How to Get Rich in the Stock Market

How to Get Rich in the Stock Market:

There is a simple way to get rich in the stock market. “All” you have to do is buy stocks that are bargains and avoid or sell stocks that are over-priced.

The approach used in our analysis is to attempt to determine whether the “true” value of a share is above or below the current market price. The “true” value of a share based on its current and projected balance sheet and earnings can be estimated using two main approaches:

  1. Based on the liquidation value of the assets.
  2. Based on the present value of future cash flows to the investor.

The first approach is applicable only when there is a reasonable possibility that the company might soon be “wound down” and its assets liquidated. It is the second approach that we focus on in most cases.

Calculating the present value of future cash flows

“All” that is required is to forecast all of the future cash flows to the investor and then calculate the present value of those future cash flows. At first glance this is an impossible task. How can anyone predict the future cash flows of any company over its entire future?

In many cases the task is impossible. However, there are some approximations that we can use to model the cash flows of some companies. Some companies have a history of a steady growth in earnings. For some of these companies it is reasonable to assume that the earnings will continue to grow at the historic rate. If we combine this assumed growth rate with an assumption that the investor will sell the share after 10 years at given price earnings ratio, then we can model the present value of the future cash flows.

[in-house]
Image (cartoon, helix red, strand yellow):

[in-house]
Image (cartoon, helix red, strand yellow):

In our method, the value of a share consists of two components.

  1. The present value of the expected dividends to be received during a 10 year holding period.This is based on the initial dividend and a forecast dividend growth rate.
  2. The present value of the proceeds of selling the share after the ten year holding period. This
    share price in ten years is estimated by starting with the initial normalized earnings per share, and then calculating the earnings in ten years by applying an expected average compounded growth rate, and then valuing the share at a conservative P/E ratio of between 10 and 20.

The ten-year period is selected because it is arguably conceivable to predict the growth rate in earnings and dividends for at least some companies for that period of time. We cut the analysis off after ten years because it becomes increasingly harder to predict the earnings that far into the future. We assume the share is sold after ten years. We suspect that a holding period of ten years is also something that makes more sense to most investors compared to an analysis based on holding a share forever. We use a conservative estimate of the P/E to determine the proceeds of the share sale at that time. The conservative P/E recognises that today’s high growth company will not continue to grow at very fast rates forever.

In application, our stock valuation model requires five separate input assumptions

  1. Beginning earnings per share
  2. Beginning dividend per share
  3. Growth rate in earnings and dividends over the next 10 years
  4. Price / Earnings ratio at which the share will be sold in ten years.
  5. The appropriate risk adjusted interest discount rate

There are many uncertainties and assumptions involved in setting these five input numbers for each company to be analysed.

  1. The beginning earnings per share should be representative. We use an adjusted earnings per share figure that removes the impact of unusual gains and losses. Many but not all companies provide data on adjusted or normalized earnings per share. Note that there is no point in attempting the analysis if the beginning earnings figure is not representative.